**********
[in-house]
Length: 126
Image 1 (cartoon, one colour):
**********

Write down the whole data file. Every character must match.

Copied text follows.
[in-house]
Length: 126
Image 1 (cartoon, one colour):